Juli Feigon, Distinguished Professor of Biochemistry and National Academy of Sciences member, receives the 2020 Diversity, Equity and Inclusion Research Award.
Feigon was the first female assistant professor in the Department of Chemistry & Biochemistry when she joined the UCLA faculty in 1985. Even in her field, she was one of very few women academics in the world. The UCLA Academic Senate selected Feigon for the DEI Research Award to pay tribute to the tremendous efforts and accomplishments she has made toward diversity and to acknowledge her many contributions to fostering a diverse, equitable, and inclusive environment at UCLA.
“For her entire career, Juli has consistently and without fanfare fostered diversity, equity, and inclusion in her laboratory, among her undergraduate students, and in her scientific field,” said UCLA Chemistry & Biochemistry Department Chair Professor Neil Garg. “She has also been a female role model to generations of graduate students, postdocs, and younger professors who she has trained or who she has influenced.”
Soon after beginning her academic career, Feigon’s work began to be noticed and she was invited to speak at meetings where she was often the only woman speaker. As a consequence, younger women sought her advice after her talks. The high caliber of her work has influenced younger generations of women and men. Over the years, Juli has been a co-organizer of several prestigious scientific meetings and has served on the advisory committee for International Conference on Magnetic Resonance in Biological Systems. In these roles, she was able to help promote the careers of female and other minority scientists by inviting or suggesting them for talks.
Professor Juli Feigon, standing on the platform of the newly installed 800 MHz NMR spectrometer, in 2004.
During her early years at UCLA, Feigon quickly realized that many lesbian and gay students (terms used in those days) were attracted to UCLA for their Ph.D. studies, and recognized that many of these students were at risk of depression especially since this was often the time they came out to their parents (if they came out at all). She and her lab members provided an open and accepting environment where students could be themselves. Feigon takes pride in having trained a diverse group of people from many countries and backgrounds who, despite their differences, managed to get along and not judge each other.
Feigon’s laboratory has provided essential training for a diverse group of undergraduate students, graduate students and postdoctoral fellows in the area of structural biology and biophysics of nucleic acids (DNA and RNA) and nucleic acid-protein complexes. This is an area in which women and minorities are still underrepresented even at the graduate student level, and her laboratory provides a role model for them. Feigon feels strongly that, as a woman scientist, it is equally important for her to be a role model for men as well as to women because most of her postdoctoral fellows and graduate students have gone on to academic or industrial positions where they train the next generation of scientists. Her success in her field helped pave the way for many more female professors who have joined her field as NMR spectroscopists and structural biologists and has made it the inclusive field that it is today, providing mentoring and nurturing to its graduate students and postdocs.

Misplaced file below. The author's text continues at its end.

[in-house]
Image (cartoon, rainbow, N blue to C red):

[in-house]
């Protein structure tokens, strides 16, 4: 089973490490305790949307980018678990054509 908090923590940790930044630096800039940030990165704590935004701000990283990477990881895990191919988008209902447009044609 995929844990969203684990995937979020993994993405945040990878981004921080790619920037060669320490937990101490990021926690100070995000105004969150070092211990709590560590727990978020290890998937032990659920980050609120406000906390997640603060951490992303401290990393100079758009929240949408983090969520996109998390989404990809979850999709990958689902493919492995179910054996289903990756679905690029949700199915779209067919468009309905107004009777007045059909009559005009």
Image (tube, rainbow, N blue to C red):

In recent years, Feigon has served as a mentor for several diversity outreach programs at UCLA including the MARC (Maximizing Access to Research Careers) program, SPUR-LABS (Summer Program for Undergraduate Research – Life and Biomedical Sciences), Competitive Edge Graduate Summer research program, NIH-Initiative for Maximizing Student Diversity (IMSD), HHMI pathways to success program, and the Los Angeles Center for Enriched Studies (LACES) high school (a Title 1 school) summer intern program. She and her laboratory members have participated in CityLab, UCLA PEERS (Program for Excellence in Education and Research in the Sciences) hosting laboratory tours for freshman, introducing them to structural biology, LACES high school student structural biology tour day, and UCLA Undergraduate Research Poster Day (undergraduate presenters and postdoctoral researcher as a poster judge).
Feigon received her B.A. from Occidental College and her M.S. and Ph.D. (1982) from the University of California, San Diego where she studied with Professor David Kearns. Her postdoctoral work was completed at the Massachusetts Institute of Technology, where she was a Damon Runyon-Walter Winchell Cancer Fund Postdoctoral Fellow with Professor Alexander Rich from 1982-1985.
Feigon’s research focuses on structural studies of nucleic acids by nuclear magnetic resonance spectroscopy along with other biophysical techniques. In addition to being a Member of the National Academy of Sciences, Feigon is a recipient of the 2018 Biophysical Society Founders Award, 2017 Dorothy Crowfoot Hodgkin Award from the Protein Society, Dupont Young Faculty Award, National Science Foundation Presidential Young Investigator Award, Glenn T. Seaborg Research Award, Herbert Newby McCoy Research Award, and Fellow of the American Association for the Advancement of Science. Feigon holds the Christopher S. Foote Term Chair and is a member of the Molecular Biology Institute and the California NanoSystems Institute.
A reception to honor the DEI award recipients will be held at the Chancellor’s Residence at a date to be determined after the current COVID19 crisis.
To learn more about Feigon, visit her group’s website.
Penny Jennings, UCLA Department of Chemistry & Biochemistry, firstname.lastname@example.org.